Process analysis often points to gaps in the organizational structure. Consequently, there might be a need for get-ready activities such as clarifying roles and responsibilities, balancing workload, addressing a skills gap or filling a need for more resources. Changing an organizational structure can take months or even years, so starting early might prove beneficial.
“If you’re contemplating an upgrade, thinking through optimal process flows helps to determine if the new features and functions make sense for your business and how best to use them.”- David Berger, P.Eng., contributing editor
If a company wants to move to mobile solutions, there might be a change in who is responsible for assigning work. Suppose that field workers currently come to the maintenance shop each morning to pick up paperwork orders and instructions from the supervisor, receive updates throughout the day via telephone and return at the end of the day to drop off completed paperwork orders for a clerk to enter into the CMMS.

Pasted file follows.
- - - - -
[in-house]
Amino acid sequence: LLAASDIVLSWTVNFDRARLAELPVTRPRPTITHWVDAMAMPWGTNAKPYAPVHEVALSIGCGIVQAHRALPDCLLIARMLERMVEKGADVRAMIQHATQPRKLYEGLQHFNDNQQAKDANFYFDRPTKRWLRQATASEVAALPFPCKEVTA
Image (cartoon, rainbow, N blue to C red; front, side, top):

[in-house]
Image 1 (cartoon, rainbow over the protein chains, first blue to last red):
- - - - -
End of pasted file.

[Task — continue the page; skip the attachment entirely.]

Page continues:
Perhaps the new process allows technicians to go directly to the first assignment because work orders are downloaded to mobile device each morning and throughout the day. This might suggest a change in roles and responsibilities. It might be beneficial to hire a planner/scheduler to support the supervisors in assigning work centrally. Technicians will have to take responsibility for entering their own data. Finally, supervisors will need to pay closer attention to what the technicians are doing, as well as the accuracy of data entered.
The vast majority of get-ready activities are related to data. Many can be identified easily when analyzing processes, especially if gaps such as incomplete or inaccurate data are obvious. The more prevalent get-ready activities include the following.